As a way that makes it slightly frustrating, it’s also hard not to think of it as very consciously the middle chapter in a trilogy which may have been concluded at that time. There are elements (some set design, uses of color, actor Fulvio Mingozzi playing a cab driver in both films) which provide deliberate, almost subliminal echoes of SUSPIRIA, as well as tantalizing hints of what may have been yet to come of Argento had proceeded with a third entry soon after in Ania Pieroni’s brief unexplained appearance as a character listed in the credits merely as “music student” but who no doubt is supposed to be the mysterious Mother of Tears, not quite ready to take center stage. Of course, Argento finally concluded his trilogy within the past few years with MOTHER OF TEARS which I’ll admit I enjoyed more than a lot of people did but I’ll certainly admit that when compared to the first two films, coming so many years later, it just wasn’t the same.
Unlike SUSPIRIA, INFERNO never received a real theatrical release in the U.S. by Twentieth-Century Fox and didn’t play New York until a brief engagement at the Thalia in August 1986, when it received a bemused review in The New York Times. (“shot in vivid colors, with some striking angles…but the script and acting are largely routine.” They may be ineffectual, but I don’t know if ‘routine’ is really the issue here.) But as the cult of Argento has grown over here the film has achieved its own small following, evident by the packed house at the New Beverly for the midnight show on Saturday October 17th. Helping with the special night was the appearance of star Irene Miracle, Keith Emerson of Emerson, Lake and Palmer who composed the film’s remarkable score (my favorite use of music in the film may me the conclusion of the Central Park sequence which, with its shots of the city skyline, comes off as some sort of perverse Gershwin moment). Also at the theater, in from Cincinnati, was Video Watchdog editor Tim Lucas who is also the author of the truly astonishing Mario Bava biography All the Colors of the Dark. Bava, as it is known, was responsible for some of INFERNO’s key special effects in what turned out to be the last film he ever worked on. Despite being claimed in the past by various sources, he did not work on the famed underwater sequence, but was responsible for some of the more subtle effects of the film, such as the continuous shots of the moon, which Lucas deemed as sort of Greek Chorus to what we might perceive as the narrative. The lovely Irene Miracle, clearly enjoying herself immensely, talked about how she basically took the part for the money and that due to Argento’s health problems he wasn’t even on set at times, essentially directing by proxy. She also explained some of what might be termed the abruptness of her part’s length by saying that while she was cast thinking she had a much larger part, her own health issues at the time may have led to it being cut down. More surprisingly, she spoke of how she shot numerous scenes that did not appear in the film including “discovering a body in Central Park” which indicates that there was possibly a good deal of restructuring going on both during the shooting and the cutting (could Daria Nicolodi’s character have been expanded because of this?). Keith Emerson spoke with great enthusiasm of the process of scoring the film, including screening all of Argento’s previous films just after arriving in Rome while suffering jet lag as well as how his up tempo version of the selection from Verdi’s Nabucco that we hear during the cab ride was meant to simulate the rickety nature of riding in cabs in Rome! All three people were immensely enjoyable to listen to and afterwards most people seemed to agree that it was one of the best q&a’s that we’d ever seen at the New Beverly (You’d think it would have turned up on Youtube by now).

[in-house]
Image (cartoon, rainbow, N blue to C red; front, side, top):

What we were then treated to was an absolutely gorgeous print of the film, making it clear that INFERNO is one of those films where, no matter how good the DVD looks, somehow needs to be seen in a theater, both for the dark clarity of the print, but also because it provides you with less of an escape. Even without a strong narrative, the film can be a pummeling experience, both in the immense degree of gore and in how it refuses to make it easy on how to say exactly what the hell is going to go on, if the story has already begun, if it’s ever going to begin. It feels slightly longer than it needs to be. Maybe some cutting to move a few sections along faster wouldn’t have been a terrible thing but even this feels intentional in a way to get the rhythm of the film such that it wants to stretch out certain sections to an almost agonizing degree.
The night went late, but it was a wonderful screening with the film playing just great for the packed house. As it turned out, when we emerged from the theater in what was by then close to the middle of the night a heavy fog had come down up on the city, making driving home a somewhat treacherous experience. At that late hour, you could almost believe that you would have been driving off into some strange unexpected encounter, a strange force from the past. But nothing of the sort happened and as I left that screening where I got to express my admiration to Tim Lucas for all his work over the years the power of INFERNO was undeniable. When a skeptical minor character in the film is asked what he believes he replies, “In whatever I can see and touch.” It’s a clumsy line in how it comes across and he’s off the screen soon enough, presumably as a punishment for saying it. But even though such a idea goes against what the movie ultimately tells us, the line stays with me as a reminder of such a rational belief in the face of such madness. And besides, nights like this one at the New Beverly, made so enjoyable because of the film shown as well as the people there with a tangible connection to it reveal the statement to be true.